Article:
Supervisor John Salka (R,C,I -- Sullivan) said Colgate University had a team of volunteers to help people complete their income tax forms.
"Why not HEAP applications?" Salka asked.
Fitzgerald said his department will have three people working on processing HEAP benefits this year. He said nearly 6,000 benefits were issued last season.
"There is a serious situation waiting for us around the corner," Salka said. "It's almost August. It's going to start getting chilly in another 90 days."
Fitzgerald said his department is being faced with skyrocketing energy costs.
"We keep hearing, 'The sky is falling, the sky is falling,' on a daily basis, but this coming year's really scaring me," Fitzgerald told the committee. "There are choices we can make, but when it comes to heating your house, that's not a choice you can make."
According to Fitzgerald, Stoneleigh Housing's weatherization program worked on 75 houses last year. He said another 150 low-income homeowners are on the waiting list.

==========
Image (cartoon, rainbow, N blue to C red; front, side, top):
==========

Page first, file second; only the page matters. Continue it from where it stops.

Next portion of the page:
"If we keep throwing money after money after money, somehow we've got to structure that so we start talking efficiency," Fitzgerald said. "This is a $300,000-a-year grant that served 75 households, and yet there are 150 families on the list."
Fitzgerald said he fears people are going to heat with alternative sources, cooking stove, kerosene heaters, and put themselves in harm's way.
Last week, Gov. David A. Paterson's office announced it will increase HEAP funding by 8 percent, a serious shortfall from the actual rise in home energy costs over the past 12 months.
The state also increased the eligibility levels to the maximum permitted under law. This year, a family of four can earn as much as $45,312 and be eligible for a HEAP benefit, up from $43,308 last winter, and the state has waived the requirement that people apply for HEAP in person in cases where that may present a hardship.
HEAP also helps low-income New Yorkers weatherize their homes.